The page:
Navigating the Field

Exploring Gendered Dimensions of Fieldwork

  • Meenakshi Nair Ambujam Graduate Institute of International and Development Studies, Geneva
Keywords: fieldwork, gender, sexualized harassment, ethnographic fixations fieldwork, gender, sexualized harassment, ethnographic fixations fieldwork, gender, sexualized harassment, ethnographic fixations

Abstract

This essay seeks to explore the complexities inherent in fieldwork as a method. Drawing attention to its gendered dimension, I focus on the vulnerabilities researchers face – most notably sexualized harassment – that do not always feature in the discussion of fieldwork as a method. I argue that the ethnographic standards we ascribe to, often reify particular notions of good fieldwork – which obliterate the risks and unpleasant experiences researchers encounter. This is not to suggest that all fieldworkers experience vulnerabilities or are placed in positions of distress. As Kloß (2016) puts it, fieldwork is an exceptionally valuable methodology that allows us to learn and unlearn. That being said, there is an imminent need to unpack fieldwork and look at it from a non-male perspective. I situate the essay in this space, where I do not necessarily explore the contents of my research in particular, but shed light on the layered nature of fieldwork.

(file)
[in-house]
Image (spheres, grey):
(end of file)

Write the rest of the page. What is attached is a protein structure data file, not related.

Author Biography

Meenakshi Nair Ambujam, Graduate Institute of International and Development Studies, Geneva

Meenakshi Nair Ambujam is a PhD Candidate at the Department of Anthropology and Sociology at the Graduate Institute of International and Development Studies in Geneva. Her research was supported by the Wenner-Gren Foundation’s Dissertation Fieldwork Grant.

Published
2021-06-30
How to Cite
Nair Ambujam, Meenakshi. 2021. “Navigating the Field: Exploring Gendered Dimensions of Fieldwork”. TSANTSA – Journal of the Swiss Anthropological Association 26 (June):186-94. https://doi.org/10.36950/tsantsa.2021.26.7014.